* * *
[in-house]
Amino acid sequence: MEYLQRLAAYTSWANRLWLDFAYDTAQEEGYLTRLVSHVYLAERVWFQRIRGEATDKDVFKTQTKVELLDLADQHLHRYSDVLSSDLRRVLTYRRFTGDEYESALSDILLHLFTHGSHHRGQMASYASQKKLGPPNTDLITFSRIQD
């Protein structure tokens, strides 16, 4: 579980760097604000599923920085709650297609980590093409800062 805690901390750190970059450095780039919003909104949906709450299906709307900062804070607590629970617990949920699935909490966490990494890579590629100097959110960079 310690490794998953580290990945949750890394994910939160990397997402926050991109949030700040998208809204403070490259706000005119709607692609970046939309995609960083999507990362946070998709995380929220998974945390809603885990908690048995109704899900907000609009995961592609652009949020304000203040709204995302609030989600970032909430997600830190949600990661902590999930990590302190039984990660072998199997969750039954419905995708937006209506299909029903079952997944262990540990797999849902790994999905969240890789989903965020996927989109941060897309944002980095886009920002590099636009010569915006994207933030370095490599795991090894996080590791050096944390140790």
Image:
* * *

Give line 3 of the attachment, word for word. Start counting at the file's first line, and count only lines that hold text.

């Protein structure tokens, strides 16, 4: 579980760097604000599923920085709650297609980590093409800062 805690901390750190970059450095780039919003909104949906709450299906709307900062804070607590629970617990949920699935909490966490990494890579590629100097959110960079 310690490794998953580290990945949750890394994910939160990397997402926050991109949030700040998208809204403070490259706000005119709607692609970046939309995609960083999507990362946070998709995380929220998974945390809603885990908690048995109704899900907000609009995961592609652009949020304000203040709204995302609030989600970032909430997600830190949600990661902590999930990590302190039984990660072998199997969750039954419905995708937006209506299909029903079952997944262990540990797999849902790994999905969240890789989903965020996927989109941060897309944002980095886009920002590099636009010569915006994207933030370095490599795991090894996080590791050096944390140790």